Photo: MoICAfghanistan via X

Taliban and Uzbekistan Sign Over $1 Billion Trade Deal

The Taliban has signed export-import agreements worth about $1.2 billion with Uzbekistan, aiming to boost it to $3 billion in the near future. The agreements were signed during a high-level delegation’s visit led by the country’s Deputy Prime Minister Jamshid Khodjayev.

After the Taliban took control of Afghanistan in August 2021, Uzbekistan was one of the few neighboring countries to maintain relations with the Taliban-led government without officially recognizing it. Uzbekistan also kept its embassy in Kabul open.

Uzbekistan officials and Taliban leaders held meetings in the months leading up to the withdrawal of foreign forces from Afghanistan. After the Taliban took power, they quickly reached business agreements, and the Taliban pledged that Afghanistan territory would never be used to launch an attack on a neighboring country.

Uzbekistan supplies nearly 60% of Afghanistan’s electricity. The Taliban Ministry of Energy and Water also said in a statement that it discussed a number of issues with the Uzbekistan delegation during their visit to Kabul, including the investment of the country’s private sector in Afghanistan’s water management, absorbing more imported energy, and the repair of the 220 KV power line over the Amu River.

Bilateral ties with Afghanistan is not without hurdles for Uzbekistan. Tashkent has repeatedly criticized the construction of the Qosh Tape canal in Afghanistan that diverts water from the Amu Darya for irrigation purposes in northern Afghanistan. Although the Taliban has mostly remained inconsiderate of such views. However, Uzbek officials had previously announced that a delegation from their country would visit Kabul to negotiate the Qosh Tepa Canal project, which is a concern for Afghanistan’s northern neighbors, especially Uzbekistan. Uzbek President Shavkat Mirziyoyev has been a vocal advocate for regional cooperation on this issue, urging Central Asian leaders to unite in addressing the challenges posed by the canal.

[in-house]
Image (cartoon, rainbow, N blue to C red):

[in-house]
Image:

Experts believe the completion of the project will lead to an increase in cross-border violence over water as it will divert a significant amount of the Amu River, streaming along the border with Uzbekistan, into Afghanistan.

Uzbekistan is concerned that the construction of the Qosh Tepa Canal could lead to a shortage of water for its cotton plantations, a vital agricultural crop that contributes significantly to the country’s GDP and supports a significant portion of its population. Uzbekistan’s Surkhandarya region governor, Ulugbek Kosimov, has said that the canal will have an impact on all countries in the Amu Darya river basin. “So far, Afghanistan has not opened the canal, and construction work is not complete. However, whether we like it or not, there will be a reduction in the amount of water available to Central Asian countries. This development will also require significant funding, and the issue will be considered at the government level before any further action is taken,” Kosimov said.

The delegation of Uzbekistan’s visit to Afghanistan comes after the inauguration of the second phase of the Qosh Tepa Canal. During the inauguration ceremony, Taliban officials emphasized the successful completion of the project and assured regional countries, particularly Uzbekistan, that they would address their concerns through diplomacy. Sher Mohammad Abbas Stanikzai, the Taliban deputy Minister of Foreign Affairs, said, “If our neighbors have worries in this regard, we are ready to contact them through diplomatic channels.” However, the Taliban’s conciliatory tone was mixed with defiance. The group’s Acting Defense Minister Mawlawi Mohammad Yaqoob warned that the Taliban’s armed forces would forcefully resist any attempts to stop the project. He was quoted by ToloNews as saying, “All of us, especially the national and Islamic armies of the Defense Ministry, support the implementation of such projects, and we will support them with all our power.”